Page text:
Healthy watersheds start with Healthy Forests, Farms, and Urban Greenspaces. These landscapes provide some of the most valuable ecosystem services available. 

Rappahannock Carbon is a new program offered by partners of the Rappahannock River Roundtable and First Earth 2030 to help landowners in the Rappahannock River Region protect and enhance their forests, working landscapes, and urban tree canopy through carbon market resources and a variety of other conservation program opportunities. 

There are any number of ways to generate carbon offset credits, and for the first time landowners with as few as ten acres can generate such credits by agreeing to certain conservation practices on their properties like delaying timber harvest or planting new trees. These opportunities include programs in improved forest management, forest protection and preservation, urban tree planting, riparian buffers, and improved pasture management*. 

As we continue to see increased pressure from development, the risks to water quality, prime agricultural land, forests, wetlands, and wildlife habitat are greater than ever.  In order to manage this develop pressure, it imperative to maximize access and availability of technical and financial resources for conservation solutions for landowners and communities to protect their natural resources.  

 

 

Rappahannock Carbon maximizes opportunities through the development of conservation solutions for landowners in rural and urban areas throughout the Rappahannock River Watershed. 

Aggregated Improved Forest Management for Rural Landowners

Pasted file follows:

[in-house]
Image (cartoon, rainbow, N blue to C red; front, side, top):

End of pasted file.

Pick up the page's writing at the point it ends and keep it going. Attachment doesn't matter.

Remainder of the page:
Forest Land Preservation for Rural Landowners
Forest Land Preservation for Urban and Suburban Landowners and Communities
Urban Tree Canopy Establishment for Urban and Suburban Landowners and Communities

Landowners interested in learning whether they would be a good candidate should complete the following form.
A representative from Friends of the Rappahannock will review your submissions and follow up with additional information. 

This project is made possible thanks to an Innovative Nutrient and Sediment Reduction grant from the National Fish and Wildlife Foundations (NFWF) Chesapeake Bay Stewardship Fund. 

What is a carbon credit?

Carbon credits represent avoided emissions of carbon dioxide that would otherwise be released into atmosphere. For most landowners this involves either planting trees or protecting mature trees. Additional carbon sequestration is verified by a third party which quantifies the carbon capture based on tons. One ton of carbon sequestration= one carbon credit. For landowners, income is generated through the sale of credits.

Who buys carbon credits?

Carbon credits are purchased by a wide array of off-takers. This can include energy providers, technology companies, the transportation sector, or even firms functioning as middlemen to buy and resell credits. Credit purchases allow buyers to finance an investment in their own sustainability and reduce their reported carbon footprint.

How can landowners get involved?

While there are a wide variety of carbon crediting programs in development, landowners are best advised to engage a project developer who is affiliated with a reputable carbon credit registry. This will give landowners the best chance at higher per-acre yield. The Friends of the Rappahannock and First Earth 2030 are ready and affiliated with top-tier registries that can generate high value credits.

How many acres do I need to qualify?

Landowners in more urban and suburban areas can qualify for certain markets with as few as ten acres while those living in rural areas generally need a minimum of 50 acres of mature trees to qualify or be willing to convert a similar acreage to timber. 

How do I get paid?

The landowner is paid once credits are generated and sold. Credits are initially generated when the landowner first agrees to restrictions and the number of credits are verified. Additional credits can be generated as trees grow and sequester more carbon.